Adobe withdraws from Figma deal due to questions about future competition

Adobe has explained why it abandoned the deal with Figma. The company was unable to prove to European regulators that the acquisition would not harm competition in the future. This was stated by Adobe General Counsel Dana Rao, according to The Verge.

According to him, the companies are not currently competing. According to Adobe, there was “no overlap” between the two companies’ customers, and there were “no complaints from competitors or customers about the deal.”

However, the problem emerged when it came to future competition. Dana Rao said that regulators were “very focused” on antitrust doctrines that “say that future competition is a critical part of antitrust analysis.”

With this in mind, the Adobe representative recalled a meeting with Figma when the companies decided on the next steps. Dana Rao said that the companies met and said that “looking at the path ahead, and the timing and tone of the conversations we’re having, now is probably a good time to stop.”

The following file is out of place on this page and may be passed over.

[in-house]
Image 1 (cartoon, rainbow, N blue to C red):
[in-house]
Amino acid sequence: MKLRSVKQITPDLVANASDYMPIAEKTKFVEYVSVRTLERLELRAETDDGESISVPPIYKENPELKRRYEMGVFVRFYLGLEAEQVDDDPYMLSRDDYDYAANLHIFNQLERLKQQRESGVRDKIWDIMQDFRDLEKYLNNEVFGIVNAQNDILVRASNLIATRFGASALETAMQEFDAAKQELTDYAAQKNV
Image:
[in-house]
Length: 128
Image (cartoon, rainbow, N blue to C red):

Both companies came to the conclusion that it was not worth continuing to fight for the deal.

“The only way to solve a future competition issue, that someone might do something, is to not do the deal,” said Dana Rao.

Recently, it became known that Adobe is canceling its $20 billion deal with Figma due to regulatory obstacles. At the time, Adobe explained the decision by the “lack of a clear path” for obtaining approvals from antitrust regulators in the European Union and the United Kingdom.

Adobe announced its intentions to acquire Figma last September. However, the company recently received an official antitrust complaint from EU regulators regarding the deal. The UK’s Competition and Markets Authority (CMA) has also expressed concern about the potential merger.